Imara granted FDA orphan drug designation for the treatment of beta-thalassemia


The FDA granted Imara’s (NASDAQ:IMRA) IMR-687 orphan drug designation for the treatment of beta-thalassemia.

Beta-thalassemia is a blood disorder characterized by reduced levels of hemoglobin. IMR-687 is small molecule inhibitor of PDE9, which degrades cyclic guanosine monophosphate (cGMP). Lower levels of cGMP are often found in people with beta-thalassemia and are associated with impaired blood flow, increased inflammation, greater cell adhesion and reduced nitric oxide-mediated vasodilation.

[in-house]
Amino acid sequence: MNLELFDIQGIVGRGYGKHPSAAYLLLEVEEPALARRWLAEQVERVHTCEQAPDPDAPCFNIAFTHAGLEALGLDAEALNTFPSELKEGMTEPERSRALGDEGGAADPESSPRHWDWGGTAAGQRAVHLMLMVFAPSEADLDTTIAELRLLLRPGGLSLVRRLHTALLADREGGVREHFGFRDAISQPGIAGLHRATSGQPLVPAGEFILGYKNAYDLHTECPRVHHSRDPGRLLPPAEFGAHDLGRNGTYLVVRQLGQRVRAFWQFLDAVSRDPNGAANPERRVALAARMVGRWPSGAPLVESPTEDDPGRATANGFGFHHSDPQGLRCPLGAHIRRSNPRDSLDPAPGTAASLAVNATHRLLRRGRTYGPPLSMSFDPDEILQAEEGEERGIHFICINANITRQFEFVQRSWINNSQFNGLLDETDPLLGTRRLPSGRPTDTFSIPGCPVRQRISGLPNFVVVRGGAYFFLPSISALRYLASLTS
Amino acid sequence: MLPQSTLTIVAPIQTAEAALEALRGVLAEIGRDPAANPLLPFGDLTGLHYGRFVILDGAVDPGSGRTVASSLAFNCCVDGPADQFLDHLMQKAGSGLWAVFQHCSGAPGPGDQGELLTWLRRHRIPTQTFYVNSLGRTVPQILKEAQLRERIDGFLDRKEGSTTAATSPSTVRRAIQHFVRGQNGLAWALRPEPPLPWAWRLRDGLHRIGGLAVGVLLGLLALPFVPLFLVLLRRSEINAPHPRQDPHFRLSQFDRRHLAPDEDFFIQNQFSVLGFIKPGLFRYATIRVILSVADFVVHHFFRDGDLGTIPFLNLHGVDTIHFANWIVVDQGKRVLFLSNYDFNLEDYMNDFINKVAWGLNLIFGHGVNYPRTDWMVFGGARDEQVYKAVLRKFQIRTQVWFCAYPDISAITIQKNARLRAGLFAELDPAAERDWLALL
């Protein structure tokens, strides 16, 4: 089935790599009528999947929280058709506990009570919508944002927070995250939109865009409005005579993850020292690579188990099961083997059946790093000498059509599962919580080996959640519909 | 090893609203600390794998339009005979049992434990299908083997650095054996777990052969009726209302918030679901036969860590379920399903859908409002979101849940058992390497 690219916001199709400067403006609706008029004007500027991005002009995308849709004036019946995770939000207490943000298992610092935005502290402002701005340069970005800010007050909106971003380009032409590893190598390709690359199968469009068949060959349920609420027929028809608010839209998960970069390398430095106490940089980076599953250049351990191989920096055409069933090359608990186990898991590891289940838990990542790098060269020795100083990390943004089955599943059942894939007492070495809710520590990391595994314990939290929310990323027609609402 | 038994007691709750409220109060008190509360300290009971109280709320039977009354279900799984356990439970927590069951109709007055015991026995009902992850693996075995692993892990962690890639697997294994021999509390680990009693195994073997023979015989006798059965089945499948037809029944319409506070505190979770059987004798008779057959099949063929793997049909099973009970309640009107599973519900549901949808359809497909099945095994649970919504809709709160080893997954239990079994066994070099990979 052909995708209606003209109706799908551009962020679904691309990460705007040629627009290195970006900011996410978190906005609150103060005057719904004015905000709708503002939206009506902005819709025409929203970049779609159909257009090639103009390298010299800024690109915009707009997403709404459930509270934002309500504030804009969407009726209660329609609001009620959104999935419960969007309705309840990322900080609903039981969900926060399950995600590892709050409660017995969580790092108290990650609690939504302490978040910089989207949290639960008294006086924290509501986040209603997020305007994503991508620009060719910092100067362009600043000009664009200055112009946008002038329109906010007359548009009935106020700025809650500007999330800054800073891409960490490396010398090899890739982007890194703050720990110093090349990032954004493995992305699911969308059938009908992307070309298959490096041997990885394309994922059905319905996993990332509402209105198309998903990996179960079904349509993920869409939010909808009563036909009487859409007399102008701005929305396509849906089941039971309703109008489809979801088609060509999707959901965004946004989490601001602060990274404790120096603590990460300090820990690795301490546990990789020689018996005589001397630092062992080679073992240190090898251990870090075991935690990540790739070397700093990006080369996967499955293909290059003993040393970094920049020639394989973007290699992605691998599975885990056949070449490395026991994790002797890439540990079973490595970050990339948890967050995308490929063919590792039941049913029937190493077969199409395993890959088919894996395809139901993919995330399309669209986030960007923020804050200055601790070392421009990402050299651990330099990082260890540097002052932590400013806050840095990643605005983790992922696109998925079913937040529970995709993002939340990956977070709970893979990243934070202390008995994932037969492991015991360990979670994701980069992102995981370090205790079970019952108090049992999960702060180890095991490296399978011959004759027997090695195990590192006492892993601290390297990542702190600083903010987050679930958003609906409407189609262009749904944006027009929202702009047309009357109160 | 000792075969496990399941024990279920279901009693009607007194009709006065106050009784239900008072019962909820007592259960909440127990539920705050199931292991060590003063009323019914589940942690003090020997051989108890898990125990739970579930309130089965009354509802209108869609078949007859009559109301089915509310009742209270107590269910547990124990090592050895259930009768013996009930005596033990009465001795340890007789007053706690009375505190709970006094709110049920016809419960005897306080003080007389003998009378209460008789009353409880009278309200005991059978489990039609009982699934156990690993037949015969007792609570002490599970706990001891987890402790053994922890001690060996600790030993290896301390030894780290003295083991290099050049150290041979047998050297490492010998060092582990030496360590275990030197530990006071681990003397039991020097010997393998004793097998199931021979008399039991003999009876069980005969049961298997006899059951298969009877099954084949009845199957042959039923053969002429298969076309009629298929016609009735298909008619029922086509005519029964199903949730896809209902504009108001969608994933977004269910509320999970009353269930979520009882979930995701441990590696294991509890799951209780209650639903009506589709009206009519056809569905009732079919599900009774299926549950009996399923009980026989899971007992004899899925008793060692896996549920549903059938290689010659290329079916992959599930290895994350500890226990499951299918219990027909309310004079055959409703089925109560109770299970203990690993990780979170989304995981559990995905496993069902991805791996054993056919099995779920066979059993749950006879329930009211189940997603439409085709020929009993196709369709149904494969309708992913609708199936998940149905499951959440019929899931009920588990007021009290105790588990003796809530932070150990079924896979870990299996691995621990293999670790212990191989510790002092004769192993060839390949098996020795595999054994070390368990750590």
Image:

“This designation comes at an important time for our beta-thalassemia program, where we have recently initiated our Phase 2b clinical trial in the U.S. and expect to dose the first patient in the near term,” Rahul Ballal, Imara’s president and CEO, said in a statement. 

“In addition, we are progressing regulatory submissions across 14 other countries, making this trial a global effort,” he added.

The FDA previously granted IMR-687 orphan drug designation for the treatment of sickle cell disease.

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